Our royals are the same royals used to name Orange County, NY, USA. In 1683 the province of New York was divided into 12 counties which were named after British royalty. The third Prince William of Orange was one of them.

I presume orange trees grew easily in the principality in France?

The weird thing is: an orange is called a “sinaasappel” in Dutch which translates as “China’s apple”. It’s pronounced the same way too. Lot’s of countries call it that. Or “Appelsin” which is “Apple de China”

Was this reference to China an early marketing ploy, to suggest oranges are wild and exotic? Or did they indeed come from the far East??
I’m too lazy to do more internetlearning on this, my day off. You do it. And can I then borrow your notes on the political value of William I of Orange please?

The current king is also named William: Willem-Alexander. He’s no longer Prince of Orange though, now that’s he’s king.
He married a smart girl from Argentinia and they have three daughters: Amalia, Alexia and Ariane. Amalia is now the Princess of Orange.

 pic by Remko de Waal

On King’s Day tradition is that they, as a family, visit a city or two in the country and observe folk games and songs and the local children doing crafts.

It’s a holiday. The whole country is going nuts with festivities everywhere. Lots of music. Everything and everyone’s orange.

Screen Shot 2016-04-27 at 12.56.34

Even for us, home staying people, orange creeps in:

Screen Shot 2016-04-27 at 13.49.48

Another sock on the wheel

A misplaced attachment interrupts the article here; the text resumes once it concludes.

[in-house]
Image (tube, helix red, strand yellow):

I started another sock fibre on the wheel. This one is a combination of BFL (long fibres) and sparkly Nylon (strength).

It’s a roving from Kleurvol and it’s wonderfully soft. And such vibrant colours! I love spinning it in the sun, after so many soft and harmonious colours the past few weeks.

I’ve divided the roving in two lengthwise so I’ll have two socks with the same colour sequence.
Each part is is divided in two again because I’m making a 2 ply sock yarn. I spin from one end of the colours to the other. Orange to teal.

Usually I go for a 3 ply (rounder yarn, more sturdy) but for that you need four bobbins and I only have 3 for my wheel. Navajo-plying, the other way of making a 3ply that only requires two bobbins, is not a favourite technique of mine. All that waving around, getting your fingers knotted up in singles. Just not relaxed spinning.

My singles have much twist and so does the plying so I’ll get a roundish yarn that’s quite sturdy because each fibre is wrapped around others a few times. You see this in most of my worsted spun yarns, I like yarns that look like a string of pearls.

I found someone on Ravelry who spun a 2 ply from this very fibre mix, also dyed by Kleurvol, and her socks look great and wear well.
I’m already planning to knit them toe up, with toes, heels and cuff knitted from the other end of the ball, in contrasting colours.
Orange toes or teal ones? I’m thinking orange…

Here’s one sock on the bobbin:

finding some orange socks

I was rooting through the sock yarn stash, matching yarns for new Skew socks.
I found lovely combinations!